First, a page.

Headlander is a Metroidvania. Of sorts. While this Double Fine and Adult Swim joint looks like a Metroidvania, has the map system of a Metroidvania, and has doors that can’t be opened until later like in a Metroidvania, it doesn’t actually feel like a Metroidvania as much as I expected it to. That’s because it makes use of a body switching mechanic, with each body effectively acting as a keycard to open doors. This differentiates Headlander from other Metroidvanias, but by doing so it ends up being a bit Metroidvania-lite. Metroidvania.
Set in the future, but a future designed as if created in the 70s, the population is entirely made up of robots. You are a human head inside a special headset which you can fly around in order to dock onto other bodies. Discovering what has gone on and who you are is the thrust of the story, and it’s suitably Outer Limits in tone, introducing you to pleasingly kitsch characters along the way.
To take over the body of robots, your head has a hoover ability that plucks heads from the robots. As the head, you can can also boost around and use a neat shield to deflect lasers. Doors are colour-coded, so you’ll need to be on an orange or higher ranked robot to open an orange door (or shoot the door with an orange or higher laser). The order is always conveniently conveyed in the lower right corner of the screen.
Upgrades made to your head over the course of the game also allow you to access new areas (such as a charged boost to blast through barriers or more boost juice to clear traps), but Headlander doesn’t give off the same sense of discovery as found in the genre’s leaders. What Double Fine has here is part puzzler and part Metroidvania, and part shooter. Let’s talk about the shooting.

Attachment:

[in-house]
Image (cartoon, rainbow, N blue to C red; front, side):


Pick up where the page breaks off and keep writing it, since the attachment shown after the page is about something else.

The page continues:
The right analogue stick is used to aim your weapon, with R2 used to fire the weapon. You can hold L2 to fine tune the aiming with a line, then firing with R2. You can also roll and use cover. Your head is also pretty nifty in combat, either as a battering ram (when upgraded) or simply used as the aforementioned hoover to disable enemy robots by removing their heads. This all sounds good and works fine, but during intense battles with a handful of foes or more things get rather awkward. The control system just doesn’t seem suited to high-octane combat, and better results come from a more methodical approach.
Combat in Headlander sums up a lot of the game. It’s decent but not as good as I hoped it would be. Take the game’s style, which is wonderful, achingly 70s yet still clearly futuristic sci-fi. This is a wonderful looking game in a lot of ways. Yet for whatever reason a lot of the areas are drab in terms of level design. Rooms with a couple of platforms, each with a semi-respawning enemy on it, crop up a lot, while secret areas for your head to explore couldn’t be more obvious. Occasionally you’ll come across a cool moment or witty line of NPC dialogue that shows the kind of Double Fine smarts you might be expecting to find more often.
A final boss makes use of all your abilities and is nicely climactic (even though there’s a small sequence directly after), although also a tad annoying thanks to numerous attack stages and no checkpoints. There are other boss fights that aren’t as memorable, but a couple more would have livened up the combat and lifted things after the odd bit of busybody work you’re asked to do in order to meet objectives.
Headlander is so close to being a really great game, but it doesn’t quite get things right. The game we have is entertaining, looks and sounds excellent, and gives off a cool vibe, but this isn’t a classic. It’s not quite exciting or inventive enough, and neither does it offer an epic sense of adventure and discovery. This is a game with many hats, but only one head – and that head is unfortunately simply OK.
Version Tested: PS4